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Gov. Scott Walker scored the biggest victory of his political career last week when he signed his contentious collective bargaining bill into law. Now his opponents are itching for payback, and it appears they're going to start taking out their frustrations on conservative state Supreme Court Justice David Prosser.
Prosser's re-election bid against challenger JoAnne Kloppenburg had been chugging along in the background for nearly a month as massive protests at the state Capitol consumed the media. The protests, in fact, began in earnest the night Prosser and Kloppenburg emerged from a four-way court primary.
Walker, a Republican, signed the bill into law on Friday, but it was unclear whether that will spell the end of the demonstrations. One thing is certain -- the long-range political fallout is just beginning. Walker's opponents have vowed to recall Republican state senators who supported the bill, and his supporters are seeking to recall Democratic senators who fled the state to block a vote.
It will take thousands of signatures to trigger any recall election, but the April 5 Supreme Court election is just three weeks away, thrusting the conservative-leaning Prosser squarely into the sights of angry Democrats and union supporters.
The race is officially nonpartisan, but defeating an incumbent conservative justice would send a "shockwave" through the Republican Party, said Jim Palmer, executive director of the Wisconsin Professional Police Association. Palmer noted in an e-mail to The Associated Press the WPPA hasn't endorsed a candidate yet, but said the labor debate will play a huge role in the election.
"Over the last month, (Kloppenburg's) campaign seems to have risen from relative obscurity and it's now really going to be a race to watch."
Christina Brey, a spokeswoman for the Wisconsin Education Association Council, the state's largest teachers union, said her organization hasn't endorsed anyone yet, either. But she said "educators are going to be watching this election, just to be sure the political power-grabbing that the governor has engaged in up to this point doesn't go unchecked."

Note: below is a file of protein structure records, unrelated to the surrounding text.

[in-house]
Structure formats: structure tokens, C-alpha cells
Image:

The new law limits nearly all public workers' collective bargaining rights to wages. Walker has said he had to make the move to help the state deal with its current $137 million deficit and a $3.6 billion shortfall in the state's upcoming two-year budget. The governor said doing away with most collective bargaining rights will help local governments absorb deep cuts in state aid.
Democrats see the legislation as an attempt to weaken unions, one of their firmest campaign allies, and public workers see the changes as an assault on their rights and livelihoods.
Kloppenburg's supporters were working the crowd at last Saturday's giant union rally in front of the Capitol, urging people to vote for her as "the next step" in the fight. Kloppenburg's Facebook page is alive with comments from people trying to mobilize get-out-the-vote efforts for her and criticizing Walker and the GOP.
Kloppenburg's campaign manager, Melissa Mulliken, deflected suggestions that the election has become a referendum on Walker. She said Kloppenburg wants to remain impartial, as good judges should.
"It's good for democracy -- with a little 'd' -- to have more people interested in elections and voting and participating," Mulliken said.
Prosser's campaign manager, Brian J. Nemoir, said he expects Walker's opponents will try to make the election about Walker. That's unfair to Prosser, who is nobody's puppet, Nemoir said.
"Any suggestion that he stands lock-step with ... Walker or anyone really shows a misunderstanding of who this man is," Nemoir said. "It's really a breach of his integrity. It's the easy way for them to leverage an environment right now that is super-charged."
The Prosser-Kloppenburg struggle could have huge ramifications on Wisconsin's legal world for years to come.
The race is officially nonpartisan, but Prosser is still seen as part of a four-justice conservative majority on the court. A Kloppenburg victory would tilt the court left, which would sway how the court rules on a wide range of cases -- and perhaps determine the ultimate fate of the collective bargaining legislation.
Prosser and Kloppenburg both have agreed to take public campaign dollars, limiting the amount they can spend and leveling the playing field. Prosser, though, is a formidable opponent. A former state Assembly speaker, he has spent 12 years as a justice and has name recognition. Incumbent justices rarely lose re-election -- although Michael Gableman did defeat Justice Louis Butler in a bruising campaign in 2008.
The conservative Club for Growth ran an ad for Prosser before the primary, but no groups have taken to the air waves since, according to government watchdog group Wisconsin Democracy Campaign.
Charles Franklin, a University of Wisconsin-Madison political scientist, said time is running out for Walker's opponents to try to turn a nonpartisan court race into a proxy fight over the labor law.
It may be safer for labor supporters to concentrate on recall efforts, he said. Drives are under way against eight Republican senators and eight Democratic senators.
"You've got in one sense a safer set of targets that are clearly partisan and clearly a part of the events at the Capitol and the governor's agenda," Franklin said. "If you try to bring Prosser into it, you have a harder time explaining why (he) is a part of it."